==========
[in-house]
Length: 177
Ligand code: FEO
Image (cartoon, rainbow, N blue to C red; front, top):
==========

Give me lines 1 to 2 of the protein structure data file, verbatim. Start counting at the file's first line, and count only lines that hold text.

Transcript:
[in-house]
Length: 177